Date of Award:
Master of Landscape Architecture (MLA)
Landscape Architecture and Environmental Planning
Sean E. Michael
Literature suggests that the original and "pure" elements of cross country course design have faded through time; in order to wholly enhance course design the original elements must be preserved and united with desired modern course elements. "Pure" sport is defined by an athlete's struggle and persistence that occur amidst tough competition, rugged course elements, and physical pain. In addition to identifying the desired elements through literature review, case studies, and self-experience of cross country course design, it was necessary to confirm the desired elements through interviewing eight key informants. The key informants were renowned and accomplished NCAA cross country coaches selected to represent a wide geographic. These eight informants were interviewed to unveil which elements of cross country courses were desired, important, essential, would advance design, and are underutilized and present in their favored courses.
The results from the interviews confirmed a deep desire for enhanced course design by unionizing the elements present in the "pure" sport of cross country with contemporary desired elements. The new "pure" sport of cross country can be obtained through the utilization of the elements revealed within this thesis. Designing courses that will provide unchanged emotions from the "pure" sport of cross country, yet do not incorporate excessively rough course elements, will be the new "pure" sport of cross country.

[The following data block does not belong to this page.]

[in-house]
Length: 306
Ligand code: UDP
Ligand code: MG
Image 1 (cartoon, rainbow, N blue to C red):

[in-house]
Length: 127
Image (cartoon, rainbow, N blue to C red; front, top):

Overall, the results show designing for the athlete, which includes safety, well defined routing and proper carrying capacity, an accomplished sense of place, advanced technologies and facilities, sport appropriate and safe footing and reasonable terrain, and spectator engagement, would considerably improve design. In order to preserve the "pure" sport of cross country while also integrating modern desired and necessary elements, course designers must use pioneering design methods in order to incorporate all of the desired elements.
The main objective of this research was accomplished and has established a foundation upon which subsequent research efforts may begin. This work serves as a catalyst to improving cross country course design by attaining the knowledge of proper, intensified, and innovative design.
Lancaster, Audrey B., "Enhanced Cross Country Running Course Design: A Study of Historic and Recent Courses, Other Landscape-Based Sports, Athlete Psychology, and Course Elements" (2011). All Graduate Theses and Dissertations. Paper 939.
Copyright for this work is retained by the student.